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Ireland's drug problem continues to grow outside of Dublin

Merchants Quay Ireland, a charity working with homeless people and drug users, say there has been a big jump in demand for their services.

THE DEMAND FOR homeless and drugs services continues to increase in Ireland and the problems are not just growing in the capital.

According to Merchants Quay Ireland’s Annual Review for 2010, the drugs crisis is a national crisis as it is not confined to Dublin.

The charity now operates in eleven counties across Ireland and over 20 per cent of clients accessing its residential rehabilitation services are from the greater Cork region.

Despite a significant drought in heroin in the last six months of 2010, MQI worked with 575 new injectors throughout the year.

Altogether, the organisation worked with 4,308 clients in its drugs services and, during the year, the number of visits to MQI’s needle exchange was just under 25,000.

The demand for drugs remains constant, said chief executive Tony Geoghegan.

“The figures serve as a reminder that heroin use remains at very high levels and that significant numbers of new people are beginning to use heroin every year,” said MQI.

The charity said there continues to be evidence of a strong link between homelessness and drug use. More than one third of admissions to the Drug Treatment programme in Drumcondra were people who were previously homeless.

Homelessness

About 60 people sleep rough on Dublin city’s streets every night, MQI highlighted in the report.

MQI provides a drop-in service aimed at minimising the harm associated with life on the streets. In 2010, it recorded 6,585 supportive interventions, which include referrals to emergency accommodation, social work, medical and social welfare services, help in contacting family and access to drug treatment.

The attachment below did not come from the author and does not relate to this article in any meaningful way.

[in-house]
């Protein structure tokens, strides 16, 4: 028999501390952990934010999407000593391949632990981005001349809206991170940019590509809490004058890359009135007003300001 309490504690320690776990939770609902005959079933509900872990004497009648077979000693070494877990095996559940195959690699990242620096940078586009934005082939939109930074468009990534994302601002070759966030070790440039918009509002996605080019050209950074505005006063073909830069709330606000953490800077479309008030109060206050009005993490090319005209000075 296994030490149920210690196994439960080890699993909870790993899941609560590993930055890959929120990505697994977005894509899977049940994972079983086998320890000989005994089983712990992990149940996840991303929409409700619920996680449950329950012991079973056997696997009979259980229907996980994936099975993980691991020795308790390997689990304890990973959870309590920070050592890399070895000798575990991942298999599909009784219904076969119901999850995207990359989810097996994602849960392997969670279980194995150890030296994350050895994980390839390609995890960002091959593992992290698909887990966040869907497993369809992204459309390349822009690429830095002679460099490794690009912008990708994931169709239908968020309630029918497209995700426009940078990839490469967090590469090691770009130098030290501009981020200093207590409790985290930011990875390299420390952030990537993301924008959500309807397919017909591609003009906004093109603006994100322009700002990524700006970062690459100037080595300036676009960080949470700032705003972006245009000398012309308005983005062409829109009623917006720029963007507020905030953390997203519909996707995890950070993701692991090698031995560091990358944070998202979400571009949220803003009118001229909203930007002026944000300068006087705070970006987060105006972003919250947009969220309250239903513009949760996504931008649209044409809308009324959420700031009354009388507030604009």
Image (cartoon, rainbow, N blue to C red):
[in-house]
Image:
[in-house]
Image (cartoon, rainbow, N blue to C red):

Nurses at the clinic provide a full-range of primary health services, including wound care, blood testing and sexual health services. Last year, they dealt with about 186 cases a month, 14 per cent more than the previous year.

MQI’s report shows that it provided almost 58,000 meals for homeless people throughout the year – an increase of about 12,000, or 26 per cent on 2009 figures.

On Sundays, more than 400 people on average attend the centre for breakfast and lunch.

This is an indication of the increasing poverty and desperation experienced by so many in Ireland, said chief executive Tony Geoghegan.

Affecting the vulnerable

Chairman Hugh McKenna said the ongoing effects of the economic crisis continue to impact on the most vulnerable in society.

“During 2010, we have seen an ongoing increase in people seeking help in our homeless and drug services and this shows no sign of letting up.”

There is a chronic need for evening services for homeless people, added the organisation.

“As the economic recession continues, demand for our homeless and drugs services is growing rapidly, yet finances are contracting,” Geoghegan said at the launch of the report.

However, MQI has tried to meet needs by increasing the national bed detox capacity by 30 per cent and establishing new initiatives including women’s services.

It is important to highlight the fact that drug treatment works, both on the human and on the economic level,” said Geoghegan. “Evidence from the British Home Office’s review of drug treatment outcomes found that for every £1 spent on drug treatment there was a £3 saving in criminal justice costs alone. When Health and welfare savings were included the saving rose £9.50.”

“Most of all, investing in all of these areas, such as our new detox unit, reduces the misery associated with drug use and homelessness for the individual, their families, their communities and society as a whole.”

Download the full report here>

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